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Recording

This group is the place to share recording tips, tricks and techniques. Equipment discussions welcome.

Location: Worldwide
Members: 138
Latest Activity: Jan 1, 2016

Discussion Forum

Favorite Guitar (acoustic instrument) Mic 23 Replies

Started by Andy Roy. Last reply by Todd McFarland Dec 12, 2011.

Software 9 Replies

Started by Mike Foltz. Last reply by Sigrid Herler Jul 6, 2010.

Micorphone Comparison 2 Replies

Started by Jeff Troxel. Last reply by Jeff Troxel Aug 21, 2009.

Comment Wall

Comment by Shana Aisenberg on October 22, 2008 at 7:39am
thanks for the invite Marcy!
Comment by Joe Tholen on October 22, 2008 at 7:48am
I have been recording here and there for years. Currewntly I use a sony minidisk recorder with nice little condensor mics (tiny little lavalier size, I forget the manucaturere, but they are great) or an outboard USB soundcard plugged into my laptop (creative extigy) and misc PA-style mics and mixers plugged into the sound card. With the constantly changing technology, a group like this is a great idea! Thanks, Marcy. -Best Regards, Joe Tholen
Comment by Trevor on October 22, 2008 at 7:56am
Boy is this a great idea.
Music is so giant and the art of recording it is just as giant.
I have been a hired gun on a few local recordings, and have been in big studio's and attic ones. To be honest I like the home studio/project studio way better, because it's less intimidating. Oh and way less money.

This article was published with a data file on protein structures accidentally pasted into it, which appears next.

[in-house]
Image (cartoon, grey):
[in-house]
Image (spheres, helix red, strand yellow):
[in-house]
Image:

I have an Mbox1 which runs pro-tools as it's software, and a little pa that I plugged in so I could power my speakers. I also have a Tascam DA-88 and a bunch of tapes for it, but I don't use it or want it.

I'm looking forward to hearing everyone's stories.
Best Wishes Trevor
Comment by Jim Yates on October 22, 2008 at 8:07am
I used to mess around with my four track cassette recorder, but it's been in the closet for a few years now. I've recorded in a number of studios, but left the mechanics to the engineers. In other words I have next to no knowledge of recording technique, but I'm curious.
Comment by Becky Taylor on October 22, 2008 at 8:08am
I, too, appreciate the creation of this list and the invite....cool stuff Marcy.
I use computers (PC) that I have built, and an array of various software such as editors and plug-ins. Currently I am attempting to build my first ribbon mics. I suppose dedicated pre-amps for them will be next (if I succeed with the mics heehee). There are some examples of Broken Records Studio recordings on my band website: myspace.com/beckytayloropenfire.
Peace and good pickin everyone!
Becky
Comment by Mark Clark on October 22, 2008 at 8:11am
Marcy, Thanks for starting this group and inviting me to join. I too think it's a topic that needs more discussion. As more and more people turn to home studios and self-produced recordings this group can become a valuable resource.

I've recorded in the studio under entirely different technologies. Back in the mid 1970s it was huge consoles and many-tracked analog tape with an array of CRT displays and crane-sized microphone booms overhead---a million dollars worth of equipment. Early this year it was a much smaller studio using digital equipment and a Sun workstation running DAW software. Studio quality LDC mics were on normal stands on carpet.